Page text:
MaintenanceChristophe Naudin, professor of history and geography and survivor of the Bataclan, feared, since the start of the 2016 school year, that the school would be, in one way or another, targeted by terrorists. He returns, in an interview with “Le Monde”, on his “astonishment” after the assassination of his colleague Samuel Paty.
Teacher in a college in the Paris region, Christophe Naudin is the author of Diary of a Bataclan survivor (Libertalia, 2020), a book in which he returns to the drama and his reconstruction journey, before harshly criticizing a part of the left, which he considers complacent with the Islamists. In 2015, he also co-signed, with William Blanc, at the same publisher, Charles Martel and the Battle of Poitiers. From history to identity myth.
The assassination of Samuel Paty by a young jihadist, based on an accusation relayed by an Islamist parent and with the help of the students who appointed him, did it appear to you as a change?
Like everyone else, I was flabbergasted, of course, when it happened. Dumbfounded, but not surprised on the merits, because I had, since the start of the 2016 school year, this fear – I mention it from the beginning of my book – that the jihadists attack the school, as they had announced in their propaganda. I knew that they could target teachers, for anything they represent to them and that they hate. The threat loomed. Children were, it is true, in a form of complicity, even if, obviously, they did not know what was going to happen, but it is above all a jihadist attack. I am more angry with the parents who were behind, in a whirlwind of one-upmanship. What happened also reflects the problems that we as teachers may encounter, with the pressure exerted by some parents and the protests of some students. But I absolutely do not think that the motivation of the students involved was “jihadist”. With social networks, business that goes in all directions, without going so far, we have it regularly.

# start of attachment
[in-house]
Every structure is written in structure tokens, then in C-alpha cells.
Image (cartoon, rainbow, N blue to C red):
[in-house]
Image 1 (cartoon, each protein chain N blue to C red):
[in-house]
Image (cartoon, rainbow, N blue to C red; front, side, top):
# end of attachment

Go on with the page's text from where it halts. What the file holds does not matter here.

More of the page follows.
History teacher and specialist in medieval Islam, you have been thrown into the heart of the extreme violence of a historical event. Has this changed your perception as a historian?
I have the impression that, on the contrary, it has rather reinforced this perception. Being a historian, working with hindsight and method – and, in addition, on these subjects! – allowed me to better absorb the shock. I sometimes tell myself that if this had happened to me when I was very young, I could have turned in on myself, maybe even hate Muslims. My status as a historian, in fact, is one of the things that has protected me.
Does your experience as a “Bataclan survivor”, which your students cannot ignore, have consequences for your professional practice?
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